For our “Participatory Cataloging” project, funded by The Andrew W. Mellon Foundation, we are planning to post our entire internal library catalog on Open Vault in the coming months. I have the enviable task of mapping our homegrown Filemaker database to the PBCoredata structure that determines the metadata you see here on Open Vault. With the help of my colleagues in the WGBH Library, Archives and Interactive departments, we are working out exactly which piece of data will end up where on this site, and how to translate years of legacy workflows into something we can reproduce and sustain online.
Our homegrown database is called “MARS.” As librarians we love our acronyms. “MARS” stands for the “Media Archive Research System” and it is used here at WGBH to manage our physical archives. Productions use MARS to conduct research and to find and retrieve tapes. My department, the Media Library & Archives, home of MARS, uses it as a catalog of our physical collection. In addition, it manages circulation, maintains many of our controlled vocabularies, and relates our rights information to our programs. This is a lot to ask of one system, and a lot to ask of one web interface. This is the challenge of putting MARS online.
An additional issue is the historical inconsistency of the data. Over the years, we’ve had varying levels of description and cataloging coming in from our productions as they archive their materials. We rely wholly on the productions to describe the materials they deposit and, if they don’t describe it well, they can’t find it again. In recent years, as our compliance managers have worked hard to set up procedures and tools for our producers, the data has improved substantially. But what to do with all of the older empty fields?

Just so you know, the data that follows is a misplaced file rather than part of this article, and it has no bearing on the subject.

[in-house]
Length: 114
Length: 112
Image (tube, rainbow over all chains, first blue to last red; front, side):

The empty fields are the main motivation for this project. Once we have our catalog online, we will work with our users to see if they can help us fill in the gaps. For example, a researcher watching a videotape will know more about the contents of the tape than our MARS system records. We plan to work with that researcher to incorporate his or her notes into the catalog and improve the accessibility of that tape’s record.
Admittedly, we have a bit of a chicken and egg issue here: how will the researcher find what they need if the tape is not fully described? Well, it’s possible. As shallow as our catalog sometimes is on the details, it is deep on context – if you know how to read it. Our researchers’ archival sleuthing skills, combined with the knowledge of our reference staff will hopefully land them in the right place until we are able to build out the details.
Despite these challenges, as I work with the fields in MARS, a clear picture is emerging of our core data set. As a working corporate archive with a public mission, we sometimes feel a bit of schizophrenia. We are constantly accessioning new materials, adding new records to MARS, and circulating old materials for re-use and re-versioning. With all of these moving pieces, it is very gratifying to see that the core data set and structure holds strong.
I may eat these words when I move on to mapping our multi-layered, multi-modal digital asset management system… stay tuned!
[Chicken courtesy USDA]